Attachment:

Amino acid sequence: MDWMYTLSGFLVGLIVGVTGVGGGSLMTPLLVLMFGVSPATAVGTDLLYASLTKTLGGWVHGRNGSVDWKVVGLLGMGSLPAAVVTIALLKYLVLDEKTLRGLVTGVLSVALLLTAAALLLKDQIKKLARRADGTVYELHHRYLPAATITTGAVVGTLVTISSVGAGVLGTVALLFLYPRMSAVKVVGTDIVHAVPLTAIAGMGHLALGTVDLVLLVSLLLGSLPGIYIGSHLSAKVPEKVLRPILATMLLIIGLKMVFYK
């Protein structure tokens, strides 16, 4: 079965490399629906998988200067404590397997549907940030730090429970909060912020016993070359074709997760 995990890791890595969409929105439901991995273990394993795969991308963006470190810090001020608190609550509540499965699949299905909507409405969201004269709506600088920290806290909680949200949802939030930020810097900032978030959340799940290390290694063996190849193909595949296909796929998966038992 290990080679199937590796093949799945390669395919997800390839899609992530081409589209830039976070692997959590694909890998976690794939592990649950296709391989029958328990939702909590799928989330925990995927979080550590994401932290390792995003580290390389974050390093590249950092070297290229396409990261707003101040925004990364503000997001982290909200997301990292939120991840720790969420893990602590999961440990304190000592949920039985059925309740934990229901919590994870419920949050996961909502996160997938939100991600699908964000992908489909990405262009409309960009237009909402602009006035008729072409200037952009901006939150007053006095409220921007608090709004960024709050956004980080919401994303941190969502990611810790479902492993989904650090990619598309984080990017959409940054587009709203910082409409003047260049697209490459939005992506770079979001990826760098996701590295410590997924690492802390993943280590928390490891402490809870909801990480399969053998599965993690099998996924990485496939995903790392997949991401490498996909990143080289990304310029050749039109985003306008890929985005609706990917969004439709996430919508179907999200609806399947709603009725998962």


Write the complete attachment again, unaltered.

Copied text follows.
Amino acid sequence: MDWMYTLSGFLVGLIVGVTGVGGGSLMTPLLVLMFGVSPATAVGTDLLYASLTKTLGGWVHGRNGSVDWKVVGLLGMGSLPAAVVTIALLKYLVLDEKTLRGLVTGVLSVALLLTAAALLLKDQIKKLARRADGTVYELHHRYLPAATITTGAVVGTLVTISSVGAGVLGTVALLFLYPRMSAVKVVGTDIVHAVPLTAIAGMGHLALGTVDLVLLVSLLLGSLPGIYIGSHLSAKVPEKVLRPILATMLLIIGLKMVFYK
């Protein structure tokens, strides 16, 4: 079965490399629906998988200067404590397997549907940030730090429970909060912020016993070359074709997760 995990890791890595969409929105439901991995273990394993795969991308963006470190810090001020608190609550509540499965699949299905909507409405969201004269709506600088920290806290909680949200949802939030930020810097900032978030959340799940290390290694063996190849193909595949296909796929998966038992 290990080679199937590796093949799945390669395919997800390839899609992530081409589209830039976070692997959590694909890998976690794939592990649950296709391989029958328990939702909590799928989330925990995927979080550590994401932290390792995003580290390389974050390093590249950092070297290229396409990261707003101040925004990364503000997001982290909200997301990292939120991840720790969420893990602590999961440990304190000592949920039985059925309740934990229901919590994870419920949050996961909502996160997938939100991600699908964000992908489909990405262009409309960009237009909402602009006035008729072409200037952009901006939150007053006095409220921007608090709004960024709050956004980080919401994303941190969502990611810790479902492993989904650090990619598309984080990017959409940054587009709203910082409409003047260049697209490459939005992506770079979001990826760098996701590295410590997924690492802390993943280590928390490891402490809870909801990480399969053998599965993690099998996924990485496939995903790392997949991401490498996909990143080289990304310029050749039109985003306008890929985005609706990917969004439709996430919508179907999200609806399947709603009725998962």